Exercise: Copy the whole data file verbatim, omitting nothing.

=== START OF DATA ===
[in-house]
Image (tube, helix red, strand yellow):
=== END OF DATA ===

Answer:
[in-house]
Image (tube, helix red, strand yellow):